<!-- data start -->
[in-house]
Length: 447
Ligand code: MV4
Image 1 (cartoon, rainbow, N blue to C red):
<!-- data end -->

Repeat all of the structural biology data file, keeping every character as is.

[in-house]
Length: 447
Ligand code: MV4
Image 1 (cartoon, rainbow, N blue to C red):